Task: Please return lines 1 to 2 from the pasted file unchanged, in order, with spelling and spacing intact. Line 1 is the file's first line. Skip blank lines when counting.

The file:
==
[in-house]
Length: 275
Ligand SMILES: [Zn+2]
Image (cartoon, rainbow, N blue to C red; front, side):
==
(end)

[in-house]
Length: 275